Example: In the example below, a project manager (PM) has listed five other people. Communications are good and frequent with team member Liu, who has a moderate impact on the PM’s ability to get her tasks done (based on the circle size). The PM only needs data from Dan, the database administrator, but needs it regularly and has trouble getting it. She gets purchasing information from Teresa, and that goes well. Kwame, the project sponsor, and “The Boss” have a lot of impact on the PM’s job, but there are problems with those relationships. Kwame and the PM do not communicate often, and they often misunderstand each other. The PM talks to her boss frequently, but they have a lot of conflict. She has bravely noted her view that the boss wants only “good news” from her.

Sample Role Map

Discuss in Pairs

Note: The remaining steps must be done in meetings.

  1. Have members count off (number themselves out loud).
  2. Have them pair off as follows: 1-3, 2-4, 5-7, 6-8, etc.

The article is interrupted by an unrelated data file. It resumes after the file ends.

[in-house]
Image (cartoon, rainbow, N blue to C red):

3. Say: “If neither partner is on the other’s map, or if you do not have a partner, raise your hand.”
  4. Among those with raised hands, if one has another on their map, pair them up.
  5. Ask the others to take a ten-minute break but return on time.
  6. For ten minutes, have the assigned pairs compare their maps and their lists of expectations for each other, adding: “If the lists differ, see if you can negotiate identical lists. If the arrows differ, discuss why and try to match them up—do not try to fix any problems you have identified in your arrows right now; just see if you can agree on the arrow type. Do not worry about finishing in ten minutes. The goal is to get the discussions started.”